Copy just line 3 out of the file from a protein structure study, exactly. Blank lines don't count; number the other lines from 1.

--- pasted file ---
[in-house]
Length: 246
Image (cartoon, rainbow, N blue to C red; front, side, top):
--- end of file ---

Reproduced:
Image (cartoon, rainbow, N blue to C red; front, side, top):